Billed as "the worldʼs biggest cultural commissioning program", the Beck's Green Box Project is a three-year, international initiative designed to explore the potential of augmented reality as a platform for stimulating and disseminating contemporary art.
To kick the project off, Beck's located 30 of the titular green boxes (augmented reality enabled sculptures designed by artist Jason Bruges) in cities around the world, then invited 30 artists covering a whole spectrum of disciplines to create film-based artworks to be curated within each box. The result? Nothing less than the world's first augmented reality gallery, the contents of which can be viewed by downloading the Beckʼs Augmented Reality app.
If the technology sounds mind-boggling, the aim is simple: to encourage hundreds of artists to commission their own 'green box' which, over the next three years, will be judged by a pair of illustrious Keyholders: Grammy award-winning producer Sam Spiegel and photographer Nick Knight.
When Because heard that New York-based jewellery designer and artist Bijules (aka Jules Kim) was one of the select group of creatives chosen to inaugurate the project, we tracked her down poste haste in order to learn more about Connau - Kim's gorgeously golden contribution to the project.
Because: What appealed to you about the Green Box Project?
Bijules: I've never created an augmented reality concept before! Being an artist and working in diverse product offerings is great fun. Also, new and different constraints exercise my design capabilities. The Bijules brand identity is based on fuelling culture in ways that a "normal" jewellery brand would never try to achieve. I've made fashion films, created exclusive editorials, collaborated with established brands and artists, and now, forged an augmented reality experience.
Because: What were the challenges and rewards of working on the Green Box Project?
Bijules: In order to be the best one can be, one must always stretch one's own limits and take risks. This project enabled me to do that. I was initially worried that since I'd never created an animation it would be a feat, but I partnered with a great team.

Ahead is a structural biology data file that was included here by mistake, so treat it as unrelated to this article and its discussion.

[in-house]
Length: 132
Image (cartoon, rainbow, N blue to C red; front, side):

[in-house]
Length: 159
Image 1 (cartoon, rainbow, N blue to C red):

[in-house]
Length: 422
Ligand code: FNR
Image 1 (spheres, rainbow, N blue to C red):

Because: What was the genesis of your idea and what do you hope to convey or evoke through your work?
Bijules: My "Connau" concept was birthed from always mixing irony with beauty. Based on the location of the green box itself, Highland and Hollywood (home of the Walk of Fame and the Academy Awards Theater) I was tempted to breathe a golden juxtaposition from New York to Los Angeles. Gold equals riches but it's a statement for me to make fun of instant celebrity. I consider myself a modern alchemist. In theory, everything I touch turns to gold in concept or material!
Because: Can you elaborate a bit on the story and imagery?
Bijules: The word "connau" is a bilingual word play on "connu" which means "known for" and "Au" is the periodic symbol for gold. I want to be known for making beauty in gold. I also wanted this project to represent discovery of the unknown. The visuals show me exhaling and inhaling a black smoke into an otherwise non-living thing; a balloon. It's a story about breathing life into a concept and making it live on its own.
Because: Tell us a bit more about that jewellery you showcase in the film.
Bijules: I'm a jewellery designer and have been creating original concepts for eight years now. I'm responsible for the iconic fashion jewellery shapes known as the "bar ring" and the "nail ring" which I alter and vary each season to constantly fuel the merging of the fashion world with the art and luxury jewellery industries!
Because: You say in your introduction to the piece that you are 'redefining fashion standards'. What do you mean by that?
Bijules: Standards are defined by genre, form, and general acceptance. My work seeks to redefine these accepted notions which have stood through time. In my world, the ring is not meant for just one finger, but seen to cross an entire finger, climb the knuckle, hug a nail bed, and scrape a hand. In order to create culture one must be responsible for the world one creates and really own it. I'm known for creating bizarre and outlandish shapes in jewellery. That's why those who look for concepts outside of the mainstream seek my viewpoint.
Because: We're seeing a growing number of directional jewellery brands using augmented reality to promote and showcase their work - Boucheron, Garrard and Hannah Martin to name a few. What do you feel this kind of technology brings to an experience that has, until now, been very much about physical interaction with, and the emotional appeal of, the end product?
Bijules: Jewellery, once again, has existed in a one-dimensional world for a very long time and it is not until recently that brands such as those you mention have been able to exceed these dimensions.
Technology represents an opportunity for us expand our clients' viewpoints and emotional experiences which, in turn, will enhance their buying capabilities. Once the client is attracted, it's up to us to sustain their interest by constantly creating new experiences for them. Their emotional attachment goes further than the actual product which serves as a communication tool and as proof that the client lived through the discovery before they bought into it.
It's crucial to them to be noticed for such a risk in their style; it's like a wink of approval from the select public who can identify those choices and risks.
Watch the films here: